Sponsored research is needed to answer some questions. This seems especially true in an age in which government budgets are less than abundant, and Congress sometimes blocks research agencies from spending money on certain topics. However, some groups continue to find ways to not succeed with sponsored research. A recent failure occurred with respect to a proposed study of so-called moderate drinking, as highlighted in a June 15, 2018 article at the Washington Post. According to the article, one problem was secretive recruiting of sponsors:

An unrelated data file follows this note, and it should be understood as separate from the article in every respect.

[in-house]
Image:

“NIH Director Francis S. Collins said the results of the 10-year, $100 million study would not be trusted because of the secretive way in which staff at an institute under NIH met with major liquor companies, talked to them about the trial’s design and convinced them to pick up most of the tab for it.”
The failure, however, may produce something positive via an inquiry “not yet completed,  examining the wider issue of possible industry influence on NIH-funded research overall.” Hopefully the outcome will provide some guidelines and best practice approaches for sponsored research.